# Mapping, Mathematical

# Mapping, Mathematical

A mapping is a function that is represented by two sets of objects with arrows drawn between them to show the relationships between the objects.

In all mappings, the oval on the left holds values for the **domain** , and the oval on the right holds values for the **codomain** .

The figure shows a mapping of people and the sports they play. The mapping in (a) shows that Albert and Bill play basketball, Carla plays golf, and nobody plays football or hockey. The domain is {Albert, Bill, Carla}, and the codomain is {Basketball, Football, Golf, Hockey}. The sports that they do play {Basketball, Golf} comprise the range. The domain, codomain, and **range** are always listed using **set notation** .

In (b) of the figure, the domain is {Donna, Elisha, Fernando}, the codomain is {Basketball, Golf, Hockey}, and the range is {Basketball, Golf, Hockey}. In this example, the codomain and the range are the same.

Formally defined, the domain is the set of values that can be assumed by the independent variable, and the range is the set of values that can be assumed by the dependent variable. In (a) and (b), the sport played depends on the person, so sports are the dependent variable and people are the independent variable.

## One-to-One and Onto Functions

Some special types of mappings are the mappings of one-to-one and onto functions. A one-to-one correspondence is a type of function in which every object in the range is paired with, at most, one object from the domain. In other words, an object in the codomain can have no more than one arrow pointing to it. Example (b) is one-to-one, but example (a) is not one-to-one because both Albert and Bill play basketball; that is, basketball has two arrows pointing to it. Example (c) is the same as (b) except it also has football in the codomain; hence, it is a one-to-one correspondence because no element of the range has more than one arrow pointing to it.

An onto function has a relationship in which every object in the codomain is paired with at least one object in the domain. This means that one or more arrows must be pointing to every value in the codomain. In other words, the codomain and the range contain the same set of objects. Example (d) is an onto function. Example (b) is also an onto function: it is a special case because it is both one-to-one and onto. The diagram in (e) summarizes how examples (a) through (d) can be classified.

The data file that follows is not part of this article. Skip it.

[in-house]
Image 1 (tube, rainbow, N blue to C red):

## Mappings for Ordered Pairs and Beyond

Mappings often are used to describe sets of ordered pairs in which the domain is the set of all *x* -coordinates and the range is the set of all *y* -coordinates. A common term used to describe mappings is image. An image of an object in the domain is the *y* -value that is paired with it. In (f) of the figure, the image of −3 is 1, the image of 2 is −4, and the image of 5 is 1.

Note that (f) is onto because every element of the range has arrows pointing to it, but it is not one-to-one because one element of the range has two arrows pointing to it.

Mappings for equations often represent infinite sets of ordered pairs, and therefore must be drawn a little differently. The domain represents the set of input values (*x* -coordinates), and the range represents the set of output values (*y* -coordinates). The codomain may or may not be a larger set of numbers than the range.

Example (g) of the figure illustrates how the function *y = x* ^{2} is used to map from the domain, ** R ** to the codomain,

*R*. Note that

**is a symbol used to represent the set of all real numbers. Any real number can be input into the equation**

*R**y = x*

^{2}; however, the output is always positive. So although the codomain is the set of all real numbers, the range is the set of positive real numbers.

Mappings can also be used to represent multidimensional problems such as mapping the ordered pairs of the vertices of a **polygon** to the corresponding ordered pairs for its reflection. They can also represent assigning a unique number to the coordinates of a three-dimensional object. Finally, mappings can represent *n* -dimensional spaces.

see also Functions and Equations.

*Michelle R. Michael*

## Bibliography

Burn, R. P. *Numbers and Functions: Steps into Analysis.* Cambridge, U.K.: Cambridge University Press, 2000.

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